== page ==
What is "feel good" planning, you ask? A post in today's Cyburbia defines it as "Projects with poor cost-benefit ratios that are destined to fail or at least underwhelm, but which are promoted and implemented because they bring a feeling of hope to the surrounding community, and possibly because their proponents are in denial about the inevitable outcome." New, subsidized housing in blighted "urban prairie" areas (ahem) and pocket parks in rough neighborhoods are cited as examples of such (sometimes) well-intentioned, yet ultimately futile initiatives. Cyburbian Dan has a few theories, one of which fingers the non-planners who often push for such projects (cough—Daly—cough). After poring over the sometimes excruciatingly vague proposals for SWL 337, we've gotta ask: Is Seawall Lot 337 an exercise in "feel good" planning? If so, not, or maybe— why? Let's all hold hands and talk this one out, people. Group hug!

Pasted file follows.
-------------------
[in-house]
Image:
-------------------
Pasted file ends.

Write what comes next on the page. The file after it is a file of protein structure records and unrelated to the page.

· Feelgood planning: why does it happen? [Cyburbia]
[Image courtesy Cyburbia]